25 Aug : NASA on Monday began filling the external fuel tank of the shuttle Discovery, one day before it blasts off toward the International Space Station carrying a crew of seven astronauts.
As space officials prepared for Tuesday’s launch, they said they saw nothing worrisome at this time that would lead to a delay.
“Everything looks normal. There is no technical issue to report,” said NASA spokesman George Diller.
Mission officials said there is an 80 percent chance of launch-friendly meteorological conditions, although there is a slight risk of thunderstorms and lightning within an eight-kilometer (five-mile) area of the launchpad.
Discovery’s liftoff is set for 0136 am (0536 GMT) on Tuesday from Kennedy Space Center in Cape Canaveral, Florida.
The task of filling the enormous reservoir, which got underway about 10 minutes late, was to be completed at 7:15 pm (23H15 GMT), US space officials said.
The space vehicle’s external fuel tank was being filled with nearly two million liters of liquid hydrogen and oxygen.
Discovery is to deliver equipment for a new bedroom, a treadmill, a freezer, food and other supplies. It will also be dropping off the newest member of the ISS team — US astronaut Nicole Stott.
Stott will be taking over from engineer and fellow American Tim Kopra, who has been aboard the ISS since July and is returning to Earth with the Discovery.
The Discovery crew, led by astronaut Rick Sturckow, will be delivering 6.8 tonnes of cargo transported in a pressurized module called Leonardo that was built by the Italian space agency.
Two astronauts from the team are scheduled to conduct three spacewalks of six and a half hours each during the 13-day mission, which is the fourth of five planned for the shuttle this year. The last is scheduled for November.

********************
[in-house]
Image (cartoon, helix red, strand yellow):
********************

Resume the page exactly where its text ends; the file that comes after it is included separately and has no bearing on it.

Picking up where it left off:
One of the key goals of the space walks is the replacement of an old liquid ammonia tank, which will be substituted with a new 800 kilogram replacement brought from Earth aboard the Discovery. The substance is used as a coolant.
The astronauts will also be retrieving experiment equipment from the outside of the ISS and returning it to Earth for processing.
The new freezer will store samples of blood, urine and other materials that will eventually be taken back to Earth for study on the effects of zero-gravity.
The COLBERT treadmill, named after popular US comedy talkshow host Stephen Colbert, will be the second aboard the ISS.
Exercise is key for astronauts spending long periods of time in space, where zero-gravity can result in muscle atrophy.
Among the seven-member crew is veteran European astronaut Christer Fugglesang, 52, of Sweden.
The shuttle flight also is the first with two Hispanic astronauts: veteran mission specialist John “Danny” Olivas, 44, of El Paso, Texas, and rookie Jose Hernandez, 47, of Stockton, California.
Hernandez will provide bilingual Twitter updates from space, via Twitter.com.
The mission will be the 128th for the space shuttle program, and the 30th mission to the ISS.
Once the Discovery mission is complete, just six more shuttle flights remain before NASA’s three shuttles are retired in September 2010.
The International Space Station is a project jointly run by 16 countries at a cost of 100 billion dollars — largely financed by the United States.